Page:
4 Types of Salt: Which is Healthiest?

Not all salt is created equal! Here’s the lowdown on the most commonly used types of salt and which ones are healthiest to include in your diet and cooking.

People LOVE salt. It’s a great way to season food and enhance the flavor of dishes you’re cooking.

However, the sodium in salt is not the healthiest for you and needs to be eaten in moderation. Did you know that there is over 2000 mg of sodium in 1 tsp of salt?! That’s over the recommended dietary allowance and a tsp is WAY less than most people use on their food throughout the day.

I am not saying to eliminate salt from your diet, sodium is an important electrolyte after all! But there are ways to be smarter about how much you’re intaking and which type of salt you’re using.

Today I am highlighting the 4 most commonly used salts and comparing them to tell you which ones are healthier than the others.

4 Types of Salt: Which is Healthiest? | Health Chef Julia

Table Salt

First up, good ol’ table salt. Probably the most commonly used, widely known, and readily available type of salt on the market. It’s also the cheapest, making it more appealing from a cost standpoint. But in terms of health, it’s the most highly refined and ground. This means most of its trace minerals are removed and that anti-caking agents are added to stop it from clumping. Its only redeeming quality is that it usually has iodine added to it as a result of a successful public health initiative to prevent iron deficiency and hypothyroidism.

Himalayan Pink Salt

Himalayan Pink Salt is mined in Pakistan in the second largest salt mine in the world! It’s pink color comes from the trace amounts of iron oxide it contains. It's also a good source of calcium, iron, potassium, and magnesium, which makes it slightly lower in sodium than regular table salt.

Kosher Salt

Aside from being used in Jewish culinary tradition and having a larger flake size than regular table salt, which is ground, there aren’t very many differences between the two. Kosher salt will have a slightly different texture and taste because of its flake structure; but if you allow the salt to dissolve in the food, there really isn't any difference compared to regular table salt in terms of taste or nutrition.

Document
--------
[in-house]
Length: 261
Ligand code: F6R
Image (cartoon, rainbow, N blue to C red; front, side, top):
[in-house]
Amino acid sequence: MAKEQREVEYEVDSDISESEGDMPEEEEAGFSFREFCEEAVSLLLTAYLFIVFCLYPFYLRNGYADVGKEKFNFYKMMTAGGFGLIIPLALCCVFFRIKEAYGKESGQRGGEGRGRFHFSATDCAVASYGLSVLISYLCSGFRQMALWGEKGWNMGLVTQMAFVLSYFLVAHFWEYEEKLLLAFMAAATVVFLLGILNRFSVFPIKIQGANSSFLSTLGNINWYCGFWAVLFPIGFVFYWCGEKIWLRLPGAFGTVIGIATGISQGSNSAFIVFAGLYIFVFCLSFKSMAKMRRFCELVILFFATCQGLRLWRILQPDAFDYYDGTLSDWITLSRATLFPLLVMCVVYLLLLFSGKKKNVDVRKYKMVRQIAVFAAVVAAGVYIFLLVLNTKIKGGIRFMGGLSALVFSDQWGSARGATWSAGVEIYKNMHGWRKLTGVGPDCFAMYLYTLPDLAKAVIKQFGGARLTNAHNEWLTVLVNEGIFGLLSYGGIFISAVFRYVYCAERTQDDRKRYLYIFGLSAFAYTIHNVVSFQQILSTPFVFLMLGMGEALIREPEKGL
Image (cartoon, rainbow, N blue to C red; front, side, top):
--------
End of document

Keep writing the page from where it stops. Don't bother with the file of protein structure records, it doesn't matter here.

The only plus to using kosher salt is that it’s less likely to contain additives like anti-caking agents and iodine if those are things you’re trying to avoid.

Sea Salt

Sea salt is created by evaporating sea water. Unlike table salt, it is rich in trace minerals like potassium, iron, and zinc. The darker the color of the sea salt, the higher its concentration of trace nutrients. Also, because it is less refined than table salt, it has a coarser texture and distinct mouthfeel. Instead of adding to your food during the cooking process, sprinkle it on your food afterwards. The larger granules have a more potent flavor burst than refined salt and thus you don’t have to use as much.

Professional chefs and foodies usually choose their salt based on taste, texture, color, and convenience. But if you’re looking for a salt recommendation based on health….your best bet is to just go EASY on whatever salt you choose.

Bottom line is: ALL salt contain only trace amounts of minerals. As a result, choosing one type of salt over another is not going to affect your health in any drastic ways! Just use salt minimally and rely on fresh ingredients to give your food lots of flavor.

Maybe in the future I’ll share some of my go-to healthy flavor enhancers for food! 😉

Tell me in the comments: What type of salt do you use in your own kitchen?

julia chebotar